What’s your most memorable meal in your lifetime?

One was on The Bachelor: At the Victoria courthouse, beautifully lit at night, and we had Albertan beef flown in, steak and potatoes outdoors, with this beautifully setting. The other was in PEI, and we had a day off shooting The Bachelor. I’m an oyster junkie, so we went out in hip waders with a local guy, walked in the ocean in Malpec, PEI, where the best oysters in the world come from, picked them up, shuck them right there, with a bit of lemon. It was incredible, I’ll never forget it.

Courtesy EAT! Vancouver

SEE ALSO: Mark McEwan and Pino Posteraro: Chefs talk collaboration, Canadian cuisine

Those are both very Canadian examples! So what is Canadian food to you?

It’s so hard to define. I think our food will be defined in the next five years. I think there are a couple of people who are really pushing the envelope. I think we are starting to understand that our resource is our food. I think it will be [based on] what comes from our land, more so than anything else. I’m French Canadian, and I’ve had some great poutine, but people who say that’s our best food–I just want to slap them. We have some really great food, it’s just that it’s more rustic, earthy, almost outdoorsy on the plate.

What do you think Chopped Canada is doing for the Canadian food scene?

It’s just showing the fact that our food is on par with anywhere else in the world. I’ve been to Paris, to Barcelona, but the best meals I’ve had are at simple Canadian places that do it right and do it well. We’re showing Canada can compete at any level. And the show competes on a program level, and a production level, and now we have a more handsome and challenging host. (Laughs) Just kidding!

The show does feel a little bit different to me, though, from the U.S. version…

It’s the accents.

Or is it that everyone is super polite?

I think it is that everyone is super polite! But we do have some episodes this season where people don’t hold back, they show their true colours.

Photo courtesy Shaw Media

Photo courtesy Shaw Media

So do you get to taste everything?

During re-sets, I get to eat what the judges leave behind.

Their leftovers?

Oh yeah. Mark [McEwan], Lynn [Crawford], Antonio [Park], and Eden [Grinshpan] have similar palates to me. I can watch them while they’re eating, and watch their faces, and Eden will give me a look, and I know I’m going to like it.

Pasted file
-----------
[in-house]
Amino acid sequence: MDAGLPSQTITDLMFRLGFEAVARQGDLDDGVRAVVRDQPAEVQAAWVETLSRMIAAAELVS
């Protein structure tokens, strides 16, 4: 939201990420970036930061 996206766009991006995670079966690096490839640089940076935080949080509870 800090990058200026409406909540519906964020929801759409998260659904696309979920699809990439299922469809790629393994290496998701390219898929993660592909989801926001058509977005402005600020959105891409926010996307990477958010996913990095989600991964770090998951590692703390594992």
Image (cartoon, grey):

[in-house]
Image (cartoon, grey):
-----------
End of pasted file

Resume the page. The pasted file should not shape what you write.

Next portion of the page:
And the fourth plate is for photographing, right?

Right. I made the mistake of eating the fourth plate once. I was yelled at. That was day one.

What’s it like stepping in a host of a show that has an established host in the U.S. and a prior host in Canada?

I never look at it as better, worse, different. I’m there because I’m there to be myself. It’s Chopped, you’re going to get all you want and need out of the show. Ted is the standard. The good thing about me is that I’m Ted’s polar opposite. For me I’m here to have fun, and to make people laugh.

What have you learned about cooking from watching the chefs cook and the judges’ critiques?

The most I’ve learned is from listening to the critiques. Especially the first few days, I absorbed everything they said, and then I could further it with my own knowledge of cooking. I haven’t put much into practice because I’ve been going to so many restaurants. Being around the ten best chefs in Canada everyday it just becomes easy to absorb everything. My girlfriend makes fun of me because, like [judge] Susur [Lee], I always notice when there’s acid missing.

Deymos.HR / Shutterstock.com

SEE ALSO: 13 Canadian chefs on why Vancouver is a great food city

What’s your take on the Vancouver food scene?

I love it! Vancouver has that sense of high class while keeping a good sense of simple food. It’s really good, and some of the best Asian food in the world.

Where do you like to eat in Vancouver?

After “Triple D” aired, I had to go find the hand-pulled Shanghai noodles guy [at Peaceful]. But when I come to Vancouver I like to let locals decide where to take me. Last time I went to Minami in Yaletown, and they made a seafood dish that was stunning.

Chopped Canada airs Saturday nights on the Food Network. This interview has been edited and condensed. 

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Lindsay William-Ross Lindsay is a Senior Editor at Vancity Buzz, and currently runs the site's Food section. A fourth generation Vancouverite, she spent the last two decades in Los Angeles, where she was EIC of the city's top blog, earned her MA, attended culinary school, and was an English professor (among other things). Lindsay's first published piece was December 1980 in The Province; it was her letter to Santa. E-mail: lindsay@vancitybuzz.com